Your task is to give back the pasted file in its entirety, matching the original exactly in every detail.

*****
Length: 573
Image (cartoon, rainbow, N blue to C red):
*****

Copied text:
Length: 573
Image (cartoon, rainbow, N blue to C red):